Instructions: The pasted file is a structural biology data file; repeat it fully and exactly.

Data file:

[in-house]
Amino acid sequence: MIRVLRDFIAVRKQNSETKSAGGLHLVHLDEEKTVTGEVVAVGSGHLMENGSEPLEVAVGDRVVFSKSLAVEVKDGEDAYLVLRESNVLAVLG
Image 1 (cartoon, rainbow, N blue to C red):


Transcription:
[in-house]
Amino acid sequence: MIRVLRDFIAVRKQNSETKSAGGLHLVHLDEEKTVTGEVVAVGSGHLMENGSEPLEVAVGDRVVFSKSLAVEVKDGEDAYLVLRESNVLAVLG
Image 1 (cartoon, rainbow, N blue to C red):